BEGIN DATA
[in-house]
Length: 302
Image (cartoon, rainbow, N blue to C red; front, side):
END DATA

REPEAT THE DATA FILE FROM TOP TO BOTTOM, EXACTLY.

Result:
[in-house]
Length: 302
Image (cartoon, rainbow, N blue to C red; front, side):